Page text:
Saturation refers to the brilliance of a color, whether it is vivid or dull. When a color is fully saturated it is intense, vibrant, and powerful. A desaturated color seems dull and lifeless. Once a color is desaturated to the point of no visible hue, it is considered a neutral color. Similar to hue, the saturation of one color can appear to change based on the saturation of a neighboring color. For example, if you place a fully saturated violet next to a fully saturated candy red, the red color will overpower the violet, making it seem dull. Now, take that same fully saturated color and place it next to a slightly desaturated leafy green. The violet color now appears bright and vivid. The value of the background will also affect the saturation appearance of a color. On a pure white background, the violet color will look fully saturated, bouncing off the page. On a black background, violet will appear desaturated, almost blending in with the background.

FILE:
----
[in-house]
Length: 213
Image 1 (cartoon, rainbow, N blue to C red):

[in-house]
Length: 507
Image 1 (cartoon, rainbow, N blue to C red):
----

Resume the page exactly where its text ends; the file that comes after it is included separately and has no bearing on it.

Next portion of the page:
Value and saturation go hand in hand. Value is a color’s darkness or lightness. A profoundly saturated hue will appear desaturated once it is lightened and a temperately saturated hue will intensify when darkened. In design, value creates boundaries. A deep blue-violet next to a light blue-green is a crisp difference whereas a light blue-violet will bleed into the light blue-green. Sharp, dark objects push to the foreground of a design whereas light, soft objects fall into the background. Value is seen as the most important color contrast of them all. Whether designing a logo or a layout, when you convert a design into grayscale, you see the true values of the design. You can have multiple different colors within a design but once you convert it to grayscale, if all colors are of the same value, you will be left with a design that is one shade of gray.